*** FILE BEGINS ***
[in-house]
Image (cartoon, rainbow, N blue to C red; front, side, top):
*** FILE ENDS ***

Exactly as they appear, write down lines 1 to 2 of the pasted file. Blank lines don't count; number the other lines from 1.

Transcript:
[in-house]
Image (cartoon, rainbow, N blue to C red; front, side, top):